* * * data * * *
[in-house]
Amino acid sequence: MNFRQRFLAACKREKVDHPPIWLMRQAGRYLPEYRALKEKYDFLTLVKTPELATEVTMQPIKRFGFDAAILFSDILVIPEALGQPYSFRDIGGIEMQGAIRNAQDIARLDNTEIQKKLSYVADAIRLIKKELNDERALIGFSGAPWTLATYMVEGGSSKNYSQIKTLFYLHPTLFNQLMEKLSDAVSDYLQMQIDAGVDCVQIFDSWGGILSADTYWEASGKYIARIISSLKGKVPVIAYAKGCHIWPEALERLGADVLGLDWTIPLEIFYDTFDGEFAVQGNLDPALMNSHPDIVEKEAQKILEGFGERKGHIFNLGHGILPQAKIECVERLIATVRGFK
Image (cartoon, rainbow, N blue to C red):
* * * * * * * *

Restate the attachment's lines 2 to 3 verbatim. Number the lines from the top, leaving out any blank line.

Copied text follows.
Amino acid sequence: MNFRQRFLAACKREKVDHPPIWLMRQAGRYLPEYRALKEKYDFLTLVKTPELATEVTMQPIKRFGFDAAILFSDILVIPEALGQPYSFRDIGGIEMQGAIRNAQDIARLDNTEIQKKLSYVADAIRLIKKELNDERALIGFSGAPWTLATYMVEGGSSKNYSQIKTLFYLHPTLFNQLMEKLSDAVSDYLQMQIDAGVDCVQIFDSWGGILSADTYWEASGKYIARIISSLKGKVPVIAYAKGCHIWPEALERLGADVLGLDWTIPLEIFYDTFDGEFAVQGNLDPALMNSHPDIVEKEAQKILEGFGERKGHIFNLGHGILPQAKIECVERLIATVRGFK
Image (cartoon, rainbow, N blue to C red):